“Culture” Gate Area

Discover culture in green surroundings

The gate area “Culture” invites visitors to spend time and make discoveries. Two special highlights are connected with the daily cultural programme: On one side of the gate area is the old prison with the contemporary exhibition “Luther and the Avant-garde”, while on the other, the scene is set by the large open-air #Reformationssommer stage before the venerable walls of the Castle Church. One of the entrances to the “Culture” gate area is dedicated to the installation “Reflecting Culture”, a project by students at the Stuttgart Technology University of Applied Sciences in which the ambiguity of the title is mirrored in the high-gloss surface of the work’s steles.

In the “Paradise Garden”, students from the Berlin University of the Arts grapple with the question of the lost paradise. Exotic plants float, independent of their native climatic zones, in hanging gardens above the heads of visitors. Hoses connect the gardens to a “compost city” on the ground. Warm water fountains round out the cycle of the continuously self-reforming and self-renewing garden of paradise.

Further inside the park, the Federation of Swiss Protestant Churches bridges the 15th and 21st centuries with its book press. Here, the cultural upheaval triggered by early printing technology stands vis-à-vis today’s digitization.

The Listros association also thinks outside the box. It supports young shoe-shiners in Ethiopia. Listros has transformed their discarded shoe-shining boxes into a cubic structure that visitors can enter to read “letters to the world” in which these young people express their wishes and dreams. Each further step into the “Culture” gate area opens up new perspectives. A small stage offers a changing programme of acoustic entertainment. Very much in the reformatory sense, culture in the #Reformationssommer means discovering the new, questioning the old and getting involved.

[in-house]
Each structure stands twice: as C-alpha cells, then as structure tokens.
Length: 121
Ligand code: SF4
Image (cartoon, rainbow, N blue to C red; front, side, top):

A cultural programme on stages large and small

The Reformation and music – a connection which certainly won’t be lacking in the #Reformationssommer in Wittenberg. During the World Reformation Exhibition, the Lutherstadt will resound with the performances of artists on the city’s big and small stages. Whether amateur or professional, classical or modern – dance and theatre groups, choirs, church musicians, ensembles and soloists from near and far will all present their talents. They will move audiences to reflect, laugh and sing, clap and dance along. Up to 5,000 people can attend performances held on the Main Stage in the Castle Meadow, where they will be a part of very special events, with concerts before an historic backdrop, under the open sky. When the Gates of Freedom close for the day, the artists will take the stage for an unforgettable evening.

  • German soul at its best will be on display when Yvonne Catterfeld (29 June) presents her new album “Guten Morgen Freiheit”.
  • Culcha Candela (2 July) delivers its reggae, dancehall and hip-hop mega-beats from Berlin.
  • The pop oratorio “Luther” (26 August) by the Creative Kirche, currently touring Germany’s major concert halls, will make a stop in the birthplace of the Reformation. Amateur choirs and professional musicians illuminate Luther’s life, transporting his message into the here and now.
  • Highly recommended for classical music fans: the Baltic Sea Philharmonic (27 August) under the direction of Kristjan Jaervi. Few young orchestras so skilfully blur the line between musical art and entertainment and so adeptly convey classical music into the 21st century.
  • In the final week, Hans-Jürgen Hufeisen stages his mystery play “Zwingli” (9 September), commemorating the Swiss Reformer and pointing the way to the Swiss Reformation festivities of 2019.
  • Many smaller concert gems of different musical styles from around the world will be held throughout the summer. For example: With Nina Hoger and the Noisten ensemble on 7 July, klezmer meets dervish meets Meister Eckhart to create a touching musical marvel that transcends all musical, religious and cultural boundaries.

Be sure not to miss:

  • “Paradise Garden”: Stroll amongst hanging gardens, a compost city and warm water fountains – and find your very own paradise in the World Reformation Exhibition.
  • The Reformation and music: Enjoy the concerts on the stage at the Castle with up to 5,000 other revellers – in an historical, scenic setting under the open sky.
  • “Luther and the Avant-garde”: Experience the fascination of contemporary art in an abandoned prison.